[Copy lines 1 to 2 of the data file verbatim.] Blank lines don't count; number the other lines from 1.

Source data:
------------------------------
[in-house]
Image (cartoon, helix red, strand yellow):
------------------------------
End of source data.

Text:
[in-house]
Image (cartoon, helix red, strand yellow):